The use of ‘gender-neutral’ language to refer to God is being encouraged by the Church of Sweden, after a change in policy.
Clergy are urged to use the term “God” during church services instead of “He” or “the Lord”.
The church’s decision has been condemned as a ‘flagrant deviation’ from Trinitarian doctrine.
A Church of Sweden spokesperson told The Telegraph that some prayers will also become “more gender-neutral”.
Instead of referring to the Father, the Son and the Holy Spirit, clergy will be encouraged to say “in the name of God and the Holy Trinity”.
The language is part of a wider ‘update’ of the Church of Sweden’s book of worship for priests.
The Church of Sweden is the country’s national church and has over six million baptised members.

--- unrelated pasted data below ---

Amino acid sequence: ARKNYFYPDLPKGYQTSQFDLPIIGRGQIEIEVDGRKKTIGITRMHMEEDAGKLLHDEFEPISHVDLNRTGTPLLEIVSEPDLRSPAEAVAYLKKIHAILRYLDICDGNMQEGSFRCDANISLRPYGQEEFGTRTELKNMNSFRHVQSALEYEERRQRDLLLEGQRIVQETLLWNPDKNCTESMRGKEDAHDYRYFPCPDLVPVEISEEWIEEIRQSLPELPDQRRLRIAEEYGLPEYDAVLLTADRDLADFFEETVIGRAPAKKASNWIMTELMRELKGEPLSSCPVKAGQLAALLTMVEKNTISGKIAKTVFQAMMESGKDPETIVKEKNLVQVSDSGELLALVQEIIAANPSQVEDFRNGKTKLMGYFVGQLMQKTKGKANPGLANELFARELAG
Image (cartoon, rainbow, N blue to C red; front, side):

Christer Pahlmblad, a theology professor at Lund University, said the move undermines the doctrine of the Trinity and community with other Christian churches:
“It really isn’t smart if the Church of Sweden becomes known as a church that does not respect the common theology heritage.”
Church minister Mikael Löwegren also objected, telling a daily Swedish newspaper that the changes “flagrantly deviate” from the great church tradition that exists between all major churches.
Ciarán Kelly, Deputy Director for Staff and Communications at The Christian Institute, said: “The Bible is crystal clear. God is our Father. Jesus Christ is his Son.
“God is likened to a bear with her cubs (Hos 13:8) and a woman in labour because in some respects he is like a mother, but he remains our eternal Father and as Jesus teaches us himself, should be addressed as such.
“Jesus declares the world cannot accept the Holy Spirit because it ‘neither sees him nor knows him’ (John 14:17).”